An aseptic production environment is one of the requirements of pharmaceutical manufacturers, in order to reduce the existence of microbes and hence the contamination of the final product. As a strong oxidizer and effective disinfectant, vaporous hydrogen peroxide (VHP) is commonly used for disinfection. A 3% VHP with an exposure time of 45min is used as part of a typical clean room disinfection cycle.
VHP exposure can damage the optical particle counters by bleaching the sensor’s internal surfaces and corroding the mirror surface. This, in turn, increases reflections within the sensor, thus providing erroneous particle counts. This article discuses the test conducted by Hach Ultra to gain insights into the impact of VHP on the sensor in MET ONE remote air particle counters. As part of the test, the sensor and the mirror were examined.
Experimental Procedure for the Sensor
A gaseous vapor of 5-6% concentration of hydrogen peroxide was produced by partly filling a clean vessel with an aqueous solution of 30% hydrogen peroxide in deionized water. A Gastec Dosimeter tube was used to measure the VHP concentration.
The sensor to be tested was positioned outside the vessel and attached to an isokinetic probe placed at a distance of 6mm from the aqueous solution surface. An external vacuum source was used to draw in the vaporous hydrogen peroxide onto the sensor.
After continuously exposing the sensor for 72 hours, it was examined to get a like comparison with the testing carried out by Particle Measuring Systems (PMS). After 744 hours of continuous VHP exposure, the sensor was ready for final evaluation. This exposure was equal to 1,090 disinfection cycles with an exposure time of 45min.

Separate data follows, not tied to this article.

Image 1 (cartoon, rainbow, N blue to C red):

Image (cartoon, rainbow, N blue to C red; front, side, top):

Experimental Procedure for the Mirror
Besides the aforementioned vaporous hydrogen peroxide test, the mirror immersed in an aqueous solution of 30% hydrogen peroxide for 600 hours. After this period, the mirror was taken out from the solution and visually inspected. The visual inspection was followed by the reinstallation of the mirror in the sensor to determine whether any changes are occurred in calibration.
The results summarized in Table 1 showed the stability in calibration voltage and noise over time, suggesting that the ability of the sensor to count 0.3-0.5µm-sized particles had not changed significantly.
Table 1. Standard optical black coating
||CAL VOLTAGE (VOLTS)
||0.3 MICRON PEAK VOLTAGE
||0.5 MICRON PEAK VOLTAGE
The results for the mirror after being subjected to direct VHP exposure for 600 hours are shown in Figures 1, showing negligible deterioration on the reflective surface of the mirror but some degradation on the edges. However, these edges are not functional optical surfaces.
Figure 1. Photographs of the mirror after 600 hours direct exposure to the 30% aqueous solution of hydrogen peroxide. Image credit: Beckman Coulter
The exposure time for the testing carried out by Hach Ultra was more stringent when compared to the testing performed by PMS (Table 2).
Table 2. Comparison of Hach Ultra and PMS testing
||Hach Ultra Testing
||Simulated VHP Disinfection Cycles
||Submergence in 30% Aqueous H2O2 (Days)
The results corroborated the VHP resistance of the critical sensor components present in the Hach Ultra products. The key sensor components of the MET ONE 4500, 4800, 4900, 5800, 5900 and 2300 products can be designated as VHP-resistant.
Since sampling during disinfection is required neither by the US FDA nor EU GMP, it is recommended to cap the product intake during disinfection practices. However, other components of the MET ONE products, including filter and pump, may be prone to damage caused by oxidizers such as VHP.
This information has been sourced, reviewed and adapted from materials provided by Beckman Coulter, Inc. - Particle Characterization.
For more information on this source, please visit Beckman Coulter, Inc. - Particle Characterization.